Through a glass, darkly
ARTHUR FERGUSON MACCALLAN (1872-1955) : TRACHOMA PIONEER
Arthur Ferguson MacCallan in 1923
The cover shows MacCallan at Menouf camp, 1904
Ophthalmia in Egypt
Ophthalmia (a term relating to the inflammation of the conjunctivae; this includes trachoma, a contagious disease caused by bacterial infection), had blighted the people of Egypt and the Holy Land for many centuries. In his 1923 Ophthalmic Report, Arthur recorded that, even then, over 95 per cent of the Egyptian population (some 13 million people) were affected by various forms of eye disease. He also estimated in the early 1900s that between 7 to 10 per cent of the population were blind in one or both eyes.
The Cassel Trust Fund
The initiative to address the plague of ophthalmia had its roots in early 1900 when Sir Ernest Cassel (1852-1921), the financier and philanthropist, became involved with the construction of the first Aswan Dam (1898-1902). Recognising the extent of ophthalmia among the vast workforce, in 1902 he established a Trust Fund of £40,000 to ‘teach the principles of ophthalmic surgery to Egyptian surgeons’. This Trust Fund, sufficient to build between six to eight permanent ophthalmic hospitals at that time, was managed by a committee under the Chairmanship of Lord Cromer (1841-1917), the British Consul in Egypt (1883-1907). As a first step, this committee decided to establish an experimental travelling ophthalmic hospital (TOH) similar to those which had been used so successfully in Russia and Hungary. As someone was required to manage this initiative, the committee approached Moorfields for a suitable candidate.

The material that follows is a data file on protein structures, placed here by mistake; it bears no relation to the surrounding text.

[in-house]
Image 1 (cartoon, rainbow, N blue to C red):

In 1902, MacCallan was practising at the Royal London Ophthalmic Hospital (Moorfields). MacCallan had been educated at Charterhouse (1886-1891), Cambridge University (1891-5) and qualified as a medical practitioner. From there he went to St Mary’s Hospital (1895-1900). He was then appointed as House Surgeon at Moorfields (1900-03). In 1903, he resigned from Moorfields, through exhaustion, but was retained as an unpaid chief clinical assistant. A chance remark, overheard by one of the ward Sisters, led to MacCallan being approached, then appointed as the Travelling Ophthalmic Inspector. Arthur was delighted! He later wrote that this ‘glorious opportunity seemed to transcend even my dreams’. He arrived at Port Said in July 1903.
MacCallan operating in the desert, Menouf, 1904
MacCallan’s initial inspection and first TOH